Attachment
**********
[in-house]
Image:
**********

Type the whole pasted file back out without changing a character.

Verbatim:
[in-house]
Image: